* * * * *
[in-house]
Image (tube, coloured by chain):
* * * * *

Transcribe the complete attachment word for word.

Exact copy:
[in-house]
Image (tube, coloured by chain):